Political Idioms for Dummies: 40 most common political phrases & terms of 2012
As we head into the November Presidential elections, I thought it would be a great idea to update a past very popular post I did in 2010 right before the mid term elections defining and attempting to explain the common phrases and terms used and uttered by political pundits.
The average politically agnostic person who has not been paying attention to politics and the election may find themselves forced to start as we creep closer to the elections. By now, they may be perplexed and flummoxed about all the phraseology being tossed about in campaign ads and on nightly broadcast and cable news shows discussing politics.
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In the interest to gain more news and information about candidates up for office in their respective local and state jurisdictions, audiences look to reporters and the “talking heads” on these programs to provide some insight and perspectives.
What they bump into, which may turn them off and away, is all of the jargon and idioms used by those reporting the news. To the uninitiated, it may not be that easy to figure out what all of the quirky terminology means. You hear candidates everyday referring to themselves as a “Fiscal Conservative” and a “Social Moderate.” What exactly does that mean??
Many political idioms come in and out of fashion and are created by the media, politics junkies, bloggers, politicians, press secretaries, advisors and lobbyists. Several people have criticized the frequent use of these terms which they say are meaningless, vague and pretentious diction incidental and understandable only to those “Inside the Beltway” and exclusionary to Main street America.
I’ve updated my post on the 25 Most Common Used Terms, which removes outdated terms, and includes new ones. This time around we’re looking at 40 terms and here they are:
- Amnesty – The term given to any measure, decision, policy or law that would permit US residents who are not in the country legally or with valid authority rights, either to stay, work and/or have a path to obtaining legal US residency or citizenship. Such a move would require forgiving behavior or instances of overstaying their visas or coming into the country across borders without legal authorization.
- Anchor Babies – A derogatory term for children born in the United States of parents who are in the country without proper authorization or who may have arrived into the nation across the US/Mexico border without legal permission. Current US law provides US Citizenship to any baby born on US Soil. Those babies are afforded rights and benefits of all US Citizens that some say their parents then use to provide an anchor or basis to remain in the United States indefinitely. The term is used widely by opponents of illegal immigration especially among those in border states.
- Budget Deficit – Act of government spending beyond income being brought in via taxation or the selling of public goods and services. It also refers to the amount of money the government has to raise by borrowing, taxing or cutting expenditures.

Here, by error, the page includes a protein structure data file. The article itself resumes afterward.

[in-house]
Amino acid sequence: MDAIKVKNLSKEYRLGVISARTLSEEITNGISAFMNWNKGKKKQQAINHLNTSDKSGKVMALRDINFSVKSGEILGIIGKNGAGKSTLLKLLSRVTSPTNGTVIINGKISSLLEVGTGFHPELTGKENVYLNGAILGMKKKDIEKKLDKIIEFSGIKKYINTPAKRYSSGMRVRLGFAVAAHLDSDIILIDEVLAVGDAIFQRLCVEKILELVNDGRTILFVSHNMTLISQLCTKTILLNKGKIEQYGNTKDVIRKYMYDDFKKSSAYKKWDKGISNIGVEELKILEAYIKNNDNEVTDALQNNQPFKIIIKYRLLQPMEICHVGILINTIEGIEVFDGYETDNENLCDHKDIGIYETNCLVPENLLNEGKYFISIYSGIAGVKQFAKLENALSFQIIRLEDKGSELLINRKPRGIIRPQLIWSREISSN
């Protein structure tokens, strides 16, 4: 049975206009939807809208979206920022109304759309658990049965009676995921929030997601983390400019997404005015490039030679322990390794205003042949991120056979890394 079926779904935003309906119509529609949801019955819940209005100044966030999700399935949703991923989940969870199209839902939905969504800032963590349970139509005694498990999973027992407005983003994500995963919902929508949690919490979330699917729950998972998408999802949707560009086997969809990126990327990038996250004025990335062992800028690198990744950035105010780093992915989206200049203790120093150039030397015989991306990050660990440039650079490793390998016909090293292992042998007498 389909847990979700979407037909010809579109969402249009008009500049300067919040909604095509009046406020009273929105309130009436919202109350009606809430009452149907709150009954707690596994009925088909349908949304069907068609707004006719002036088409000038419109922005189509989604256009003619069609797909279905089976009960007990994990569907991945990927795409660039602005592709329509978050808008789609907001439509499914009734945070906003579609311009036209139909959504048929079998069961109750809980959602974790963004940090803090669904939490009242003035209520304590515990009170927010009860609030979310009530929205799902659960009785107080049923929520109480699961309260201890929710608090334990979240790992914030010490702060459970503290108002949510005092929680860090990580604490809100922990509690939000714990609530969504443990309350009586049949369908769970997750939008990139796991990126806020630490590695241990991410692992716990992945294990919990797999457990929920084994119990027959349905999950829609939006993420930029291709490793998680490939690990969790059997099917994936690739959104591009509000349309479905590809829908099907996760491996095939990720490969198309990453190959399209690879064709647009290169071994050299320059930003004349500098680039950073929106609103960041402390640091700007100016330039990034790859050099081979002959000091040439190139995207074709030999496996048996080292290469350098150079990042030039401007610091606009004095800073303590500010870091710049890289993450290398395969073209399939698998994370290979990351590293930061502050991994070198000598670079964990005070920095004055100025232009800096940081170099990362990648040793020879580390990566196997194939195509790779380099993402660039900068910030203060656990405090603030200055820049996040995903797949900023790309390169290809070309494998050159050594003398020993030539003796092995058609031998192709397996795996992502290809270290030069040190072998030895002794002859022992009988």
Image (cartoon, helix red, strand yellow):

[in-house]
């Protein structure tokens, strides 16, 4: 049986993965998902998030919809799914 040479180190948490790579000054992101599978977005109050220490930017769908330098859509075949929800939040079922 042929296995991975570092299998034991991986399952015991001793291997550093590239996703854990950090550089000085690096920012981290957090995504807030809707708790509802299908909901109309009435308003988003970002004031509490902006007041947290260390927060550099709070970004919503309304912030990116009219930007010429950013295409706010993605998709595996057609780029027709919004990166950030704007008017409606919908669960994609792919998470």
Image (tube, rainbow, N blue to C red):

- Citizens United – That is the name of a party to a US Supreme Court case decided in 2010 which essentially gave corporations the same First Amendment speech rights as individuals in the United States and ushered in a new era for SuperPACs, Political action committees that are heavily funded by sometimes anonymous donations from heavily funded corporations. The term is used often when referencing political advertising on TV and the web funded by SuperPACs that have gotten significant donations from corporations.
- Convention Bounce – Traditionally, after the official convention of the party of a US Presidential candidate during an election year, that party’s nominee would see an increase in voter approval in polls. The thought being that exposure to wider audiences who do not necessarily pay attention to politics could leave positive impressions upon audiences, and consequently in poll answers.
- Crony capitalism – This is a term describing an economy in which success in business depends on close relationships between business people and government, or a situation whereby those in power in government confer special benefits, or government contracts to friends and donors after bypassing official processes like competitive bidding, for example. The contract given to solar panel energy company Solyndra is accused as being an example.
- DREAMERS – The term for young children of undocumented and illegal immigrants brought to the country as children who would be eligible for rights to stay, work or obtain legal residency and citizenship should a law called the DREAM Act pass. The law would create a path to citizenship for certain young children of immigrants once they attend college or perform military service.
- Entitlement Programs – This is the term given to social programs like Medicare, Medicaid, Social Security, Welfare, Food Stamps, Unemployment compensation, Federal employee and military retirement plans, agricultural price support programs and Veterans’ Administration programs. Once a citizen meets a certain requirement (having contributed to social security during years working, falling below an income bracket, being disabled and unable to work), they are entitled to have the government provide financial benefit, goods or services, sometimes for an indefinite period of time.